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Feldman JMcPhee D.
The science of learning and the art of teaching (paperback).
Thomson Delman Learning, 2008. 1st edition. 462 pages; ISBN 978-1- 4180-1616-6; price: € 68.95
Field: Post-secondary education.
Format: Soft cover.
Audience: Educators and instructors at college and university level.
Purpose: Practical advice for educators on teaching, stimulating students’ learning, and assessing students’ knowledge based on scientific evidence.
Content: The book is divided into an introductory chapter and 5 units, which are further divided into 21 chapters and an appendix. Unit 1 deals with understanding one's approach to teaching, gives an overview of the science of learning, and shows the conceptual foundations of learning. Unit 2 deals with the art of teaching, which involves the planning and preparation for learning and teaching, improving the presentations and creating interactive lectures, and assessing teaching and learning. Unit 3 gives an overview on strategies for lasting learning, while Units 4 and 5 deal with classroom dynamics and personal growth, respectively.
Highlights and limitations: It is hard to say which part of the book is the most important, but the Introduction really grabs the reader’s attention and “sells” the rest of the book. I have read many texts on the art and science of teaching and the science behind learning, and even have published several in this journal. These texts have dealt with all aspects of the classroom experience. This book, however, makes a teacher constantly rethink, reexamine, and reevaluate one's approach to teaching and stimulating learning. What better way is there to improve your teaching approach than to stimulate your own learning? And then driven with the knowledge, help create and reinforce students' positive attitudes toward the same challenges. Teachers expect constant betterment from their students without being aware of the difficulties of the adult learning. Students are, sometimes, intimidated by the ease with which the teachers show (or show off) their factual knowledge and teachers’ expectations they should know everything about a topic, although it had taken several years even for the teachers to completely understand that topic (or at the least to know that there are still things they do not understand). And, finally, students are, always, intimidated when it comes to evaluation of their efforts. This book succeeds in achieving all of its goals, making teachers aware of themselves (nosce te ipsum), their students, the problems they both face, and the solutions to these problems. It is a highly recommended read. Actually, it is a must for anyone starting to teach, anyone not happy with the way the students react to one's teaching, and anyone who thinks there is no need to change anything. Basically, every teacher has to read this book, reinvent their approach, and apply it.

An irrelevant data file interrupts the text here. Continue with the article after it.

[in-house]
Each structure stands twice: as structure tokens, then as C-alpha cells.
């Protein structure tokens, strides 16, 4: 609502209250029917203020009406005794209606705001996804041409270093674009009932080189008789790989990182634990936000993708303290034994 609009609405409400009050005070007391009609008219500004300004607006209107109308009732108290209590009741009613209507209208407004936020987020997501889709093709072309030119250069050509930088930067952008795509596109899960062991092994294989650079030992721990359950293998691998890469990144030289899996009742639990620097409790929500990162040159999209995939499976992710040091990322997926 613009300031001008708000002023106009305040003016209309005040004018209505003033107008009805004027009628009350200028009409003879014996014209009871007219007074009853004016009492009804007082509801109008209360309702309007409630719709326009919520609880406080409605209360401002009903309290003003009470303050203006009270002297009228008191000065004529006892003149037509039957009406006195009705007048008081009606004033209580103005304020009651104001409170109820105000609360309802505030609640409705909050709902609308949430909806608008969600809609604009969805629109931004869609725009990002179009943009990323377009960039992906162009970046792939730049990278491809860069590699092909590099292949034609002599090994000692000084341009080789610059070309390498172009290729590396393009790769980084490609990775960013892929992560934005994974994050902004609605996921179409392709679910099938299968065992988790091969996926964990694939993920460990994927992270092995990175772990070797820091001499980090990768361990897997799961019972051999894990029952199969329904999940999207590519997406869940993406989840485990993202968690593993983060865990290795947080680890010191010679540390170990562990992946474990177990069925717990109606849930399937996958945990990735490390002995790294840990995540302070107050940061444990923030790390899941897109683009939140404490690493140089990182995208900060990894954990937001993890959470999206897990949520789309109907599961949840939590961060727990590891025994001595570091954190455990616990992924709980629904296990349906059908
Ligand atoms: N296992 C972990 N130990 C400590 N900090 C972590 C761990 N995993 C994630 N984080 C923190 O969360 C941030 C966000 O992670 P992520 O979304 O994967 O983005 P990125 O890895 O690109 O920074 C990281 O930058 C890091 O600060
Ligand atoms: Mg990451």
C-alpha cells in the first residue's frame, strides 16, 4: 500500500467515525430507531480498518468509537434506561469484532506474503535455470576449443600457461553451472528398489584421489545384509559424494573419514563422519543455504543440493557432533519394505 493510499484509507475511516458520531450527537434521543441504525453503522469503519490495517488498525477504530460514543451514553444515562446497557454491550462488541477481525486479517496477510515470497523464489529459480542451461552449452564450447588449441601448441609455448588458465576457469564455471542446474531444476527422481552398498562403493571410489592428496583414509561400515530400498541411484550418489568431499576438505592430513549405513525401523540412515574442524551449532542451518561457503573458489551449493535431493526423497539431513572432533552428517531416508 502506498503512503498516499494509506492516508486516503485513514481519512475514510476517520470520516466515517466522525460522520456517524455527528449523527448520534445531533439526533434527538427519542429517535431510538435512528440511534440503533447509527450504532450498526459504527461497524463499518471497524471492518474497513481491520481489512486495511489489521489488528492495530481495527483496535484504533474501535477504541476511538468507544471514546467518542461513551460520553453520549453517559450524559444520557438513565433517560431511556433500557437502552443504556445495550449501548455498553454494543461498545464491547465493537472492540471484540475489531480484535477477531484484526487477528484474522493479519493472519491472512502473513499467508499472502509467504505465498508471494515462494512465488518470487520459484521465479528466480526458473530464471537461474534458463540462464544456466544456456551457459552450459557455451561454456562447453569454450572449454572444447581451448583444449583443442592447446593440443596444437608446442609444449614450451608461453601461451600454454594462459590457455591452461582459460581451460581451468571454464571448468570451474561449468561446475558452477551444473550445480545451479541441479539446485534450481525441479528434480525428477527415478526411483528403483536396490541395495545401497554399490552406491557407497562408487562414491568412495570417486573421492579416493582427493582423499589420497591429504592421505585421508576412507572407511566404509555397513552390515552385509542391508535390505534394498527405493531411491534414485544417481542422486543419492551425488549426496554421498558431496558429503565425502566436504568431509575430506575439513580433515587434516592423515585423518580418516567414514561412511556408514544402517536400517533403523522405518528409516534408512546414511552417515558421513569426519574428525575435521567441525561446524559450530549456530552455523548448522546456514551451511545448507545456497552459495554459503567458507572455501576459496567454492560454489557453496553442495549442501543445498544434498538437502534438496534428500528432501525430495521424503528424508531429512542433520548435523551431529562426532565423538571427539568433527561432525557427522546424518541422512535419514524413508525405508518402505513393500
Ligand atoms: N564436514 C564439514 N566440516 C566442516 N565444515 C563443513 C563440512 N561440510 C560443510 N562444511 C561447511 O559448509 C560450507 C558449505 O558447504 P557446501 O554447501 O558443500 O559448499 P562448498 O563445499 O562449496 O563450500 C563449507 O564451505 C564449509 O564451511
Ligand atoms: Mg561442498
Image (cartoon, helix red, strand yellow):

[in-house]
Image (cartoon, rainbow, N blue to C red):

Related reading: There are many books on bettering the approaches to teaching and learning. The reasons are simple – the sheer number of students who need to be taught and the constant increase in the level of expectations the society has from them and their teachers. The authors make the search easier and guided by giving helpful pointers at the end of every chapter and unit, with key names to follow and key terms to look up. Moreover, the final part of the book, the appendix, gives a short overview of recommended resources and readings.